Youth are a significant group in the world. They have unique characteristics with immense potential and influence on various aspects of society. They possess a natural curiosity and expression with an ability and willingness to challenge the status quo and drive societal change.
Despite their vibrant energy and enthusiasm, youth are also among the most vulnerable groups when it comes to mental health issues. The challenges, pressures, and peer-influences they face during their transitional period of their lives can significantly impact their mental well-being and decision making. Some of the commonly observed mental health challenges among youth are anxiety disorders, mood disorders, behavior disorders, depression, attentive-deficit, eating disorders, substance abuse, feelings of isolation, self-harm and suicidal thoughts, post-traumatic stress disorders, etc.
Adolescent and youth undergo biological and hormonal changes (physical and emotional), family dynamics (home environment and conflict), peer pressure (influences and relationship), academic stress (college applications, course work and exams), and identity formation (values, beliefs and personal identity). According to the World Health Organization, it is estimated that approximately 25% of individuals worldwide will experience one or more mental or behavioral disorders at some point in their lives.
Mental health issues are prevalent in both rural and urban areas, although the specific challenges and resources may vary. Rural areas generally experience higher rates of poverty, limited job opportunities, stigma and limited access to healthcare, all of which can impact mental health. On the other hand, the fast-paced urban lifestyle with increased competition and disparities contribute to anxiety and depression.
Mental health disorders are common and can affect people of all ages, genders, and socio-economic backgrounds. We need to be curious with people, rather than judgmental to understand individuals on an individual level, recognizing their unique complexities, and avoiding generalizations. It says that sometimes we need to talk to a 5-year-old and an 85-year-old to understand life again.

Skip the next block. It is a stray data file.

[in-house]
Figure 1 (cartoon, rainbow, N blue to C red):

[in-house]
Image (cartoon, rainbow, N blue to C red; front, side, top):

Life is a combination of ups and downs for people of all ages including youth. Taking life too seriously can contribute to increased stress level. Finding a balance between responsibility, self-care and a sense of humor is crucial for youth for maintaining mental well-being and managing stress effectively.
Managing stress is a personal journey, and what works for one person may not work for another. While not all mental health issues are prevented, they are treatable through counselling and medication. While speaking with young people of different age groups and backgrounds, they said that making lifestyle changes and self-care can have a significant impact on mental health. Moreover, engaging in regular physical activity, maintaining a balanced diet, getting sufficient sleep, and practicing stress reduction techniques, such as meditation or yoga, can contribute to overall well-being and support mental health.
Mental health begins in childhood and plays a decisive role in shaping an individual's overall well-being throughout their life. It is crucial to create supportive environments in homes, schools, and communities to adapting to changes and promoting positive mental health in childhood and teenage years. Getting a good mentor can also be extremely beneficial for youth in various aspects of their lives where they can discuss concerns without fear of judgement. Further, sharing struggles, seeking advice, and connecting with peers can provide a sense of belonging and support during ups and downs.
Be kind to yourself and prioritize self-care, avoid negative self-talk and celebrate small wins!
Dr. Prabin Manandhar is an expert in international development. Currently, he is working as the Country Director of Helvetas Swiss Intercooperation Nepal. He is the Former Chair of the Association of International NGOs in Nepal (AIN). He is also a visiting faculty at Kathmandu University and the Tribhuvan University Institute of Crisis Management Studies. The opinions are his own and not that of his employer. He can be reached at email@example.com